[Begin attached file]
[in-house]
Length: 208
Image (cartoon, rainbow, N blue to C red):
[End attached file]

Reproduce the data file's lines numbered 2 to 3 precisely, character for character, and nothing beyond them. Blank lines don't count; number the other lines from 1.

Length: 208
Image (cartoon, rainbow, N blue to C red):